Below is the third of six parts of an article by John J. Dziak about the Islamic counterintelligence state.
The article is reprinted here with permission of the author. It first appeared in Papers & Studies by the International Assessment and Strategy Center, Washington, D.C., on 6 April 2007. It was later republished in the Summer/Fall 2007 issue of Intelligencer: Journal of U.S. Intelligence Studies.
Islamism and Stratagem
by John J. Dziak, Ph.D
III. Sources of Contemporary Islamism — Internal
The sources of contemporary Islamism are worth a brief examination before viewing the practice of stratagem in the Islamic tradition. What should come as no surprise is that militant Islam, or fundamentalism (itself a Western projection from its own religious experience), is not a recent product ushered in by the Muslim Brotherhood, the Salafists, or the Wahhabists of the Arabian Peninsula and al Qaeda. As already seen with regard to Jihad, Islamist militancy is inherent to Islam itself throughout its almost fourteen hundred year history. What the above movements, and states like Shiite Iran, are now advocating, is a return to the purity of the earliest periods of Islamic history to include Muhammad’s time, and other “good” eras such as the much touted Islamic golden age of the Middle Ages. Bursts of Islamic “puritanism” occurred throughout history including the long eras of its imperial success — as well as in its period of decline as exemplified by the later years of the Ottoman Empire. This may not be welcome news to Western secular elites whose universal frame of reference is Enlightenment rationalism. But it certainly should be part of the intellectual kit bag of intelligence and counterintelligence professionals.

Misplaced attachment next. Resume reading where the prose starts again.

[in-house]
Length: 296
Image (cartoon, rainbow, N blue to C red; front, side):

Further, Islam, as a self-identified theocratic system, may be regarded as a political ideology rather than simply another confession common to the west in which separation of church and state is part of the creedal faith. It is an established system for the integrated governance and faith observance of all peoples according to the Koran. Ideally, the Koran must be learned by heart (which many believers do even if they cannot read or comprehend Arabic, the preferred tongue for doing so) and applied in a literal way. This is because according to Islam the Koran, directly revealed by Allah through the archangel Gabriel, contains all that is needed for this life, and therefore no interpretation à la Biblical exegesis is allowed or tolerated. If Islamic liberalizers or moderates are too vocal in an effort to “reform”, or “update”, or find a better application of Islam to the contemporary world they run very serious risks of being labeled apostates, thereby risking death. Moderates are doubly conflicted here: tinkering with the holy text is tantamount to questioning Allah’s given word thus risking charges of apostasy; to be an apostate invites retribution. Moderates throughout the Muslim world face not only the retributions of Islamists but from their governments as well. The majority of Muslims live in countries ruled by very oppressive regimes; even relatively moderate countries offer little protection from rigorous enforcement of Islamic law. Jordan, for instance, jailed editors for daring to reprint the Danish cartoons. Violence, therefore, is not only politically permissible but divinely decreed per the holy texts. A straightforward reading of the Koran and the Hadith (the traditions and sayings of the prophet) reveals that violence is condoned and advocated, and has been acted upon throughout Islam’s almost fourteen centuries of history. Today’s Jihadists certainly are no aberration from that tradition.